By Michelle Cassell
The Neville home, built in 1945, is one of four homes built by John Wesley Campbell, a local Black mason with a legacy of strong ties to the Northside, Pine Knolls, and Tin Top communities. This home is advertised as one of his finest craftsmanship displays in the Lloyd-Boyd neighborhood of the Northside community. It is located at 107 Cobb St. in Carrboro.
According to the Jackson Center’s oral and written history, he left school in the third grade to pursue his calling as a full-time mason.
John Wesley Campbell was born in 1888 to Judge Campbell, a White man and Della Campbell, a Black woman. He began his work in masonry at the age of seven.
John Campbell was described as a self-made man and taught the craft of masonry to his five sons: Handy, George Preston, Nathaniel, Jake, and Leo. The sons worked with him on many projects, including the Neville home.
“As you take a journey around the UNC campus in Chapel Hill, there are stone walls my uncles and grandfather put together, especially ones that are called hand-stacked walls,” said Minister Robert Campbell in an oral history recording offered by the Jackson Center on their From the Rock Wall page.
“I got introduced to construction work at a very young age working for my grandfather and my uncles. My grandfather was Mr. John Wesley Campbell. We called him ‘Papa’ – and he was teaching all of us how to be construction workers, bricklayers, rock masons and carpenters.”
Minister Campbell recalled, “In my journey with my grandfather, I guess I learned how to mix mortar and cement too well, because that basically was my job. But I did learn how to lay bricks, and I learned how to put the joints – different types of joints, the V joint, the bubble joint, several different other types of joints.” He said the discipline around the construction work really got instilled into him.
“Just see some of the work that Papa helped put together that still stands. I tell people most of the time, you cannot go from Carrboro to Durham without seeing some of the handiwork from my grandfather and my uncles.”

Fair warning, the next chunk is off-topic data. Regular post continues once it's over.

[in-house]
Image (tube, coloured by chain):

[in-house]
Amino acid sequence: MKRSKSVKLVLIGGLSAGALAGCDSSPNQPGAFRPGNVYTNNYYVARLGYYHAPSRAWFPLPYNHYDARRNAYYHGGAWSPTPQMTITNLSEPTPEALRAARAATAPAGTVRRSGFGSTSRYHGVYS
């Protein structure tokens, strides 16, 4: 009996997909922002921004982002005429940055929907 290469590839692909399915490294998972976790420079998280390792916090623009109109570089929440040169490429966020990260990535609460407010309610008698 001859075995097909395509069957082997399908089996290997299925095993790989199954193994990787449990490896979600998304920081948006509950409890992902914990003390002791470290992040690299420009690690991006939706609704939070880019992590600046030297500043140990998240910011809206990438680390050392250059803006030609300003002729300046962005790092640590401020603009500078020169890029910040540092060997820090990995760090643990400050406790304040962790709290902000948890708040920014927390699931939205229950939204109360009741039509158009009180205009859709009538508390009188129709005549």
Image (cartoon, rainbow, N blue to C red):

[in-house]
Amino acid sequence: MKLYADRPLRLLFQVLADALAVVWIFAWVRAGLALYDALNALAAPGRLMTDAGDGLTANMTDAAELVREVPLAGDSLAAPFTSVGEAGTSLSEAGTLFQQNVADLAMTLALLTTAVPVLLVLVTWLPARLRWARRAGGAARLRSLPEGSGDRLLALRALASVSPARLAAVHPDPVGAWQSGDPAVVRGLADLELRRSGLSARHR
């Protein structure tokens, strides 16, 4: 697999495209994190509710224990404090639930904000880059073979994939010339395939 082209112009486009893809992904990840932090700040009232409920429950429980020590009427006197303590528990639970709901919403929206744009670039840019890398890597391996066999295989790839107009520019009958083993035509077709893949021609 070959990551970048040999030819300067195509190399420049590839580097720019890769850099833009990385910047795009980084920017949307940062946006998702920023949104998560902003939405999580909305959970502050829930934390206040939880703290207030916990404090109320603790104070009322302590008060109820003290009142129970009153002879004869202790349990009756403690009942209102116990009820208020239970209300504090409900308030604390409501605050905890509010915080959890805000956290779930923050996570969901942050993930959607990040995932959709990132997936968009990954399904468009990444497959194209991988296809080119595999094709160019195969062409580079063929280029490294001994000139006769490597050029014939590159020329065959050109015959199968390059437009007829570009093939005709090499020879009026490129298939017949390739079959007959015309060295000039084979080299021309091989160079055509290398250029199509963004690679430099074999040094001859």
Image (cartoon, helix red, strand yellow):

Minister Campbell’s grandfather taught his children and his grandchildren how to fend for themselves. “Papa said if you have a craft, you’ve got the ability to do things. You could take that discipline from learning that trade and add it to another one.”
Campbell and his family developed a stellar reputation for superb quality work with devotion to detail. Not just in masonry but also in carpentry, plumbing, and wiring. According to Minister Campbell, they were dependable. “When you called them, they did show up.”
The Neville home is a World War II-era home styled with unique architecture and craftsmanship. The home showcases the high-quality masonry work and attention to detail for which Campbell and the family are known. The interior of the home has been completely renovated with 21st-century conveniences. It is one of four homes built in the Northside Community by John Wesley Campbell and his family.
The $15,000 buying incentive is offered to anyone who is community-connected, a first-generation homebuyer or an NAACP member.
“The legacy of what they [the Campbells] built years ago is still here. And people do remember who they are, who they were, and what they did for the community,” Minister Campbell said.
Louise Felix, a relative of Campbell, was selected as the Chapel Hill Historical Society’s Treasures in 2023. She was born and raised in Chapel Hill and is the granddaughter of stonemason and builder John Wesley Campbell.
Felix volunteers with the Linking Generations Across Northside and Northside Residential Fellowship program at the Marian Cheek Jackson Center, where she mentors UNC student residents and volunteers on what it means to be a Northside neighbor.
Michelle Cassell is a seasoned reporter who has covered everything from crime to hurricanes and local politics to human interest over the course of 35 years. As managing editor, she hopes to encourage writers of a wide range of backgrounds and interests in TLR’s coverage of Southern Orange County news.